0 to 100: real success rates for high quality proposals
When it comes to applying for Horizon 2020 (H2020) grants, success rates are one of the main concerns of researchers. Overall and across all sub-programmes, so-called instruments, about 11% of eligible proposals are successful. Specific instruments, such as FET Open and the SME Instrument, are particularly known for their low success rates (around 5%).
These low percentages can potentially discourage excellent researchers from applying to H2020. However, their chances of success in Horizon 2020 should not rely on these poor figures. This was the key message of Séan McCarthy from Hyperion Ltd in a recently published paper.
In fact, success rates are based on the number of “eligible” proposals encompassing all proposals that meet basic administrative rules. In this pile of documents, however, there are also scientific ideas that do either not fit into the chosen instrument or are not within the scope of the call topic, i.e. not fully addressing the specific call requirements, or are poorly written proposals.
Successful proposals need to achieve a score above the so-called threshold. This is a minimum value or percentage defined for each H2020 instrument that needs to be surpassed in order for a proposal to be eligible for funding. In practice, however, there are more proposals above the threshold that cannot be funded because of limited budget available for each call. In principle, the threshold defines whether a proposal is of higher or lower quality with respect to the call topic. As suggested by McCarthy, calculating the success rates based on the number of above-threshold proposals would better reflect the chances of high quality and well formulated proposals.
This often relativises the rather low success rates published in Horizon 2020 reports and statistics. In 2016, the real success rates (funded / above-threshold proposals) based on the above definition amounted up to 24,34% and were well above the reported success rates of 10,88% (funded / eligible proposals).
Looking at the latest results in specific programmes, we can conclude the following:
|Programme||Reported success rate||“Real success rate”|
|FET Open (September 2017 cut-off)||6,7%||15,7%|
|SME Instrument, phase 2 (January 2018)||5%||14%|
|Fast Track to Innovation (6th cut-off)||7%||59%|
|NMBP-2016-2017: two-stages calls for Nanotechnology and advanced materials projects||7%||56% (if above-threshold in both stages)|
|ICT-2018-1: Calls in the field of 5G technologies||16%||29%|
|SC1-2016-RTD: Calls in personalised medicine||12%||32%|
|LCE-2017-RES-IA: Calls in the field of low carbon energy||13%||38%|
Preparing a high quality proposal is not an easy task and requires a significant effort from you as researchers and all participating partners. We would recommend the following to maximise your chances of securing funding:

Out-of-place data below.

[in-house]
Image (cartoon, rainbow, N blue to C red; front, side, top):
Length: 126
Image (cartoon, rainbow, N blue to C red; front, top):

a) Thorough understanding of the call topic: A careful reading of the call-specific requirements can help you identify missing expertise and understand the context of the call, which will be useful for the proposal preparation. If your project idea doesn’t entirely match the call requirements, it might be wiser to spare your resources and identify a more suitable funding scheme. With the Strategic Grant Planning (SGP), our experts at accelopment will be pleased to help you identify the right funding opportunity and understand what is required in order for you to make an informed decision and increase your chances of success. We also offer face-to-face meetings to advise you on existing funding opportunities that meet your needs through the one two grant and the Firmensprechtage.
b) Timing: Each call has one or two submission deadlines and most proposals require 70 pages of text and tables. It is thus important to take a decision a few months beforehand and plan your resources accordingly. With over 20 years of experience, we can support you for a smooth and efficient proposal preparation, notably with the creation of a proposal preparation time plan.
c) Proposal writing can be a tough process for researchers and entrepreneurs as it requires time and energy that could be dedicated to other activities. For this reason, looking for external support is becoming more and more popular. Our team can help you with several tasks, such as drafting the non-scientific parts of a proposal, advising on the scientific chapters, completing the administrative online forms in the Research Participant Portal, and calculating the project budget.
Interested in our services for your Horizon 2020 proposal or another EU funding scheme? Contact one of our experts, for example Dr Johannes Ripperger and Marco Cavallaro, to discuss your project idea and proposal plans.